Resurrection Row Mass Market Paperback – May 12 1986
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From Library Journal
This 1981 mystery, the fourth in the long-running series featuring Inspector Thomas Pitt and his well-born wife, Charlotte, is one of the best for its balance between the mystery itself and Perry's scathing portrait of Victorian society. It is bad enough that the recently deceased Lord Fitzroy-Hammond has been removed from his grave, but when it happens a second time and then other buried corpses start popping up, the normally unflappable Pitt is puzzled indeed. Is the perpetrator trying to hide a murder or call attention to one? The answer lies in a convoluted but perfectly logical merging of art, blackmail, politics, pornography, and prostitution. Perry (Paragon Walk) delights in showing how much of London, except for a handful of influential citizens, chose to ignore the shameful poverty surrounding them. This provocative tale, extremely well read by Davina Porter, is highly recommended for popular collections. Michael Adams, CUNY Graduate Ctr.
Copyright 2002 Cahners Business Information, Inc. --This text refers to an out of print or unavailable edition of this title.
“Few mystery writers this side of Arthur Conan Doyle can evoke Victorian London with such relish for detail and mood.”—San Francisco Chronicle
“Anne Perry has made the Victorian era her own literary preserve. . . . Perry’s work is consistently top-notch.”—San Diego Union
“Perry is my choice for today’s best mystery writer of Victoriana.”—St. Louis Post-Dispatch
“When Anne Perry puts Thomas and Charlotte Pitt on the case, we are in exemplary Victorian company.”—New York Times
From the Trade Paperback edition.
Top Customer Reviews
My only complaint in this book is that Perry padded large sections with irrelevant musings, and several were actually out of character for the person musing. There is a section with Thomas mulling all of the dead ends in a dispassionate mental voice that is completely different than in any other part of the series, and another with Charlotte using the same cadence, rehashing discarded leads. It feels as if her publisher came back and demanded about twenty more pages, and she scrambled to cram them into an otherwise tight and well-crafted book.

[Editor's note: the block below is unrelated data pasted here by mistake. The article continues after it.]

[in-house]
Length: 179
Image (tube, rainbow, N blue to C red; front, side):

On the other hand, her mastery of the period is incomparable, tossing the assumptions and mundane details of the day into the story in a way that draws you fully into a remarkable and fascinating point in history. The characters are perfect and well-realized, as always, and this book introduces one of my favourite bit players--Aunt Vespasia, the Lady Cumming-Gould. Delightful, insightful, intriguing and unconventional, just like this book.
When Lord Augustus Fitzroy-Hammond's decaying body falls from a hansom cab after a late night show, everyone is shocked. After all, he had been buried weeks before. When his body resurfaces again, Thomas Pitt can't dismiss it as coincidence. His investigation uncovers the small secrets that hold people's lives together, and can rip them apart. As more and more decomposing bodies emerge, Pitt's suspicions mount. Why is someone doing this? To cover another crime, or to reveal one?
Anne Perry's Pitt character grows more attractive in every book. Yet, I was disappointed that Charlotte didn't play more heavily in this one. Also, there just aren't enough Charlotte and Thomas together scenes. When she writes glimpses into their marital life, Perry reveals a sweet and comfortable existance, but not often enough!
A great read from a wonderful writer!
Most recent customer reviews
This is an early Inspector Pitt "whodunit" and a great read.Published 29 days ago by Oliver R. Baker
I read this book cover to cover in a span of about two days. I love the details about Victorian England. Read morePublished on Dec 29 2003
RESURRECTION ROW is the fourth in the Charlotte and Thomas Pitt series that begins with "The Cater Street Hangman. Read morePublished on Feb. 11 2002 by MLPlayfair